Right off the bat, the 1983 Fiat X1/9 is a mid-engined, wedge-shaped, Bertone-designed sports car. It has a life-off targa top, a 5-speed manual transmission and fuel injection. Even displacing just 1500cc, this car is so small and tossable that it will feel fast regardless of what the specification sheet says – so long as your ego can’t be bruised by being stomped at a traffic light by a 10 year-old Kia Spectra.
Find this nice example here on Craigslist in Denver, Colorado for just $2550.
The Fiat X1/9 was released by Fiat in 1974 as a replacement for the aging but popular Fiat 850 Sport Spider – also designed by Bertone. Both served as the smaller younger brother to the Pininfarina-designed 124 (later the 2000) Spider. Where the 850 was rear-engined with displacement that maxxed-out at 903cc and styling from a bygone era, the X1/9 was 1970s chic and modern, looking like a 2/3 scale version of a contemporary Ferrari or Lamborghini, but for a fraction of that price (and with a fraction of the power).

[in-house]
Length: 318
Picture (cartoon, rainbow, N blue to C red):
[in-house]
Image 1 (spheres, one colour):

X1/9s are good, scrappy handlers right out of the box – excellent balance and tight roadholding – but they came with small tires and could have used a bump in power. Luckily, upgrades were – and still are – available. Companies like Vick Autosports offer numerous upgrades for the X1/9 for street or track. Also available are full upholstery sets, which this car is going to need judging by the cheesy seat covers. The dash on this car looks to be in good condition, as far as I can tell from the small, somewhat grainy photo. A short-shift kit would be a nice add, given the yard-long shifter sprouting from between the seats.
Not unlike the dynamically similar Porsche 914, the X1/9 is remarkably roomy inside and can accommodate 6+ footers. Ingress and egress, however, can be a challenge if you have aging, achy joints like I do. The top is very easy to remove and replace, and is not nearly as temperamental as the targa tops on cars like the Porsche 911 – which can be finicky to fit and have a tendency to leak. The plasticky, angular dashboard is not to everyone’s taste, although I like it in a cool, retro sort of way, but a full set of gauges helps the driver focus on what is important.
Mechanically, X1/9s are fairly robust. Fiats often get a bad rap in the reliability department, and while they may require more care than, say, a Camry, for even the most remotely mechanically inclined care and feeding of an X1/9 is not rocket science. Most parts are readily available and very reasonably priced in comparison with many other European cars. If you have Ferrari tastes and a Wal Mart budget, the X1/9 may just fit your bill.